- Although the timing is suspicious, Israeli Prime Minister Benjamin Netanyahu probably did not launch an operation in Gaza to forestall a developing accommodation with Hamas. The Israeli incursion that sparked the latest conflagration in Gaza was of a kind that Israel carries out on a routine basis. It was, from all appearances, a routine intelligence operation gone awry. Gaza has been a steady source of political losses for Netanyahu, this time as well. His willingness to consent to Qatari cash coming into the Strip was unpopular in Israel, as was his quick agreement to a ceasefire. There was no good reason for Netanyahu to have intentionally gone down this path. Read more at LobeLog
Egypt’s crackdown on the Muslim Brotherhood continues on the diplomatic front with the opening of two sets of talks this week in Cairo. One set will have Egypt brokering discussions with Fatah and Hamas on the future of governance in the Gaza Strip, while the other will see Egyptian and Palestinian Authority (PA) representatives shuttling between Hamas and an Israeli delegation.
Although Egypt brokered the ceasefire deal between Hamas and Israel that ended 50 days of rockets flying out of Gaza and Israel, which devastated the tiny strip, it cannot have escaped Hamas’ notice that Egypt has an agenda of its own—and it is shared with just about every other party involved.
A sign of what Hamas will face was displayed this weekend, as UN Middle East envoy Robert Serry worked on achieving an agreement for 250-500 international observers to monitor reconstruction projects in Gaza. The purpose of the monitors would be to ensure that all materials brought into Gaza, and all the work done with them, is exclusively used to rebuild the homes, infrastructure and public buildings that were destroyed by Israel’s recent onslaught. The UN would be working with Israel and the Palestinian Authority to guarantee that outcome.
Hamas is facing the consequences of the unity deal it agreed to back in April. At that time, Hamas was losing popularity in Gaza, was seeing what support it had in the Arab world evaporating, and found itself unable to pay civic employees. But the events of the summer changed things, at least for the time being.
Now Hamas is riding a wave of popularity after facing Israeli bombardment again and coming out battered but not broken. Qatar, whose support remains dubious, acted more supportive during the fighting. And, Hamas thought, the ceasefire arrangement would get the understandably disgruntled and desperate workers see some kind of paycheck. With Palestinian Authority President Mahmoud Abbas having angered many Palestinians by wavering sharply between public condemnations of the Israeli onslaught and continued cooperation with Israeli security in the West Bank, Hamas had reason to reconsider the unity agreement.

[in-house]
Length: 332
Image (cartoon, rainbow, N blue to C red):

But it accepted the agreement, which now seems like a trap. Abbas is insisting that the unity government be allowed to take over the administration of Gaza. Hamas is surely aware that in that event, the PA would have to embark on a campaign to control the violence in Gaza as it did with the West Bank. In other words, even without agreeing to disarm Gaza—an Israeli demand—the PA would, in fact, do just that. And, with no elections currently scheduled, Hamas could find itself completely marginalized.
This is, without a doubt, exactly what Egypt wants. Certainly the leadership knows that any attempt to disarm Hamas and the other armed factions in Gaza would be met with resistance. But Hamas, at least, is still substantially weakened after the battle with Israel. Egypt might reasonably expect that this fact will lead to a different outcome than the 2007 battle between Fatah and Hamas, which ended in a decisive Hamas victory. Moreover, Abbas has very little legitimacy in Gaza, but if he becomes the Palestinian face of reconstruction and of a marked improvement in the lives of the people there, it would be enough to slowly drain more support from Hamas.
It may well be that, if successful, Egypt would press Israel to end its blockade of Gaza and even allow the construction of an airport and seaport there. This would create a comparative economic boom in the beleaguered Gaza Strip and could keep things calm in the region for an extended period. For Israel, the downside would be increased diplomatic pressure to get back to serious negotiations about a two-state solution. That is exactly what Israeli Prime Minister Benjamin Netanyahu feared when the Palestinians struck the unity accord, and the reason why he manipulated the murder of three young Israelis to lead to a much broader attack on Hamas.